As with the arrest of previous leadership, his arrest left another power vacuum in the increasingly fragmented cartel.
Eventually, Julián Manuel Loisa Salinas, alias “El Comandante Toro,” assumed leadership of the group and commanded a group of hitmen in the border town of Reynosa in the Gulf Cartel’s traditional hub of Tamaulipas. However, Loisa Salinas was gunned down by Mexico’s federal forces in April of 2017. Shortly after that, the Mexican Army captured yet another Gulf Cartel leader, José Antonio Romo López, alias “La Hamburguesa,” in May of that same year, again throwing the leadership of the group into uncertainty.
Amid “rapid turnover” in the group’s leaders, José Alfredo Cárdenas Martínez, alias “El Contador” and the nephew of former cartel capo Osiel Cárdenas Guillén, was the only one of the group’s leaders that remained. However, his tenure was also cut short by authorities, who arrested him in early 2018 in Tamaulipas.
It’s unclear where exactly the group’s leadership stands now, but alliances with smaller splinter cells and fortifying their traditional bases of operations have allowed the Gulf Cartel to retain a significant place in Mexico’s organized crime landscape.
The cartel’s traditional center of operations is in the northeastern border state of Tamaulipas, with its most important operational bases in Matamoros, Nuevo Laredo and Reynosa. These areas are critical from an operational and a financial standpoint. The cartel makes a substantial amount of money simply charging others for passage through the area.
Other key northern cities include Monterrey, in Nuevo Leon, which the cartel lost control of to the Zetas following an intense struggle for control, but appears to be trying to regain. Southwards, the group is known to have established itself in at least 11 other states, as well as in the cities of Miguel Aleman, in Oaxaca, Morelia in Michoacan, and possibly also the Yucatan peninsula.
Other key northern cities include Monterrey, in Nuevo Leon, which the cartel lost control of to the Zetas following an intense struggle for control, but appears to be trying to regain. The group also maintains a presence in the states of Nuevo León, San Luis Potosí and Coahuila.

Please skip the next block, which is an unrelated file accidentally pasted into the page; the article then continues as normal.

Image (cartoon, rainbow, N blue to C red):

Allies and Enemies
In April 2010, the federal police confirmed that there was an alliance between the Familia Michoacana and the Gulf Cartel against their common rival, the Zetas, which has been pushing aggressively into the Gulf’s traditional stronghold in Tamaulipas.
It was little surprise to crime watchers in Mexico. The Gulf has a violent history of seeing former allies turn against it. A previous alliance, brokered in prison between Cardenas and Benjamin Arellano Felix, one of the heads of the Tijuana Cartel, held for about a year until the agreement broke down in 2005, leading to another outbreak of killings in the border states. Another temporary division of territory with the Sinaloa Cartel also broke down in 2007, causing havoc nationwide.
Today the Gulf Cartel is still engaged in battles in key northern states with its former enforcement wing Los Zetas, as well as offshoots of the group including the Northeast Cartel.
For a time, the Gulf Cartel faced the Frankenstein-like task of facing down a monster of its own creation in the Zetas. Overall, it appears as though the group has been able to weather the storm. The Zetas are a shadow of their former selves now splintered into several offshoots. For its part, the Gulf Cartel is still in control of a key criminal enclave in Tamaulipas that allows the group to continue trafficking large drug shipments across the US-Mexico border. It seems the cartel’s focus on consolidating power in their traditional strongholds has paid off while other groups battle to expand their operations.